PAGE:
Jonny Bairstow fulfils childhood dream with Ashes century

Jonny Bairstow's first Ashes hundred has instantly become his new personal favourite.
England's Jonny Bairstow looks to the sky after reaching his maiden Ashes century. Picture: AFP/Getty ImagesEngland's Jonny Bairstow looks to the sky after reaching his maiden Ashes century. Picture: AFP/Getty Images
England's Jonny Bairstow looks to the sky after reaching his maiden Ashes century. Picture: AFP/Getty Images

It is 18 months since the England wicketkeeper last reached three figures in Tests – he fell an agonising single run short against South Africa at Old Trafford last summer – and, in doing so on the biggest stage of all, he allowed a “whole heap of emotions” to come out.

After the fist-pumping and jumping for joy at the WACA, he threw in a “light-hearted” and spontaneous head-butt of the helmet he had just taken off – revisiting the unusual greeting he imparted to Australia opener Cameron Bancroft at the start of the tour.

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That bar-room prank ended up causing an unwitting Bairstow plenty of consternation, of course – but, as he added his century to Dawid Malan’s on a fluctuating second day of the third Test, he demonstrated it has not cost him his sense of humour.

England went on to lose their last six wickets for 35 to finish 403 all out and then could not stop Steve Smith (92 not out) leading his team to 203 for three at stumps.

Bairstow (119) nonetheless had much reason for personal satisfaction after he and Malan (140) pushed their double-century fifth-wicket stand into Ashes record territory.

“This hundred in many ways was my favourite, because obviously I’ve played in a few Ashes so far now,” the Yorkshireman said.

“To score an Ashes hundred is something you dream about as a kid, and it’s eluded me until now.”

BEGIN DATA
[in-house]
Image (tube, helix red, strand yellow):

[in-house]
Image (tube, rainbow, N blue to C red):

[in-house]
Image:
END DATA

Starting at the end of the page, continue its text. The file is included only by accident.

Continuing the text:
It was only when he got caught up in the celebration that he instinctively bumped his forehead on his helmet.

“That was a bit of light-hearted fun, wasn’t it, with 
everything that’s gone on?” he added.

“I’d not thought about [doing it]. It was a whole heap of emotions, and that’s exactly what Ashes cricket, what Test cricket, is about.

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“You want to be able to look back in the archives when you’ve retired, and say to your kids, your grandkids, ‘I made an Ashes hundred at the WACA’. It meant a huge amount.

“We talk about a badge of honour, when you’re out there in the dirt on a flat one… but this was a badge of honour for Mala and me.”

What followed after a highly encouraging first hour was disappointing for England

“At the same time, we were 130 for four – so you could say it was a fantastic recovery from there to get 400 on the board,” Bairstow said.

“Or you can look at it and say, ‘Yes, we’ve let the position slip’.”

He remains optimistic, however, on a quick pitch which has already shown signs of deterioration.

“I walked out to bat [on Friday] morning, and the crack on the crease was a good half an inch wider than when we went to bed [on Thursday] night.

“So you don’t know what you might see when you walk out there [on Saturday].”

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Usman Khawaja, whose battling half-century contributed to a stand of 124 with Smith, congratulated the home attack on their persistence as Mitchell Starc and Josh Hazlewood shared seven wickets.

“We knew if we got a break, the new batsman was going to find it tough,” he said.

“To restrict England to 400 was a really good effort.”

England were set to reassess seamer Craig Overton’s fitness earlier this morning, after he jarred his rib diving for a caught-and-bowled chance.

Fast bowler Mark Wood has been seconded from the Lions squad here to travel with the Test players to Melbourne and Sydney, where the fourth and fifth matches will take place over Christmas and new year.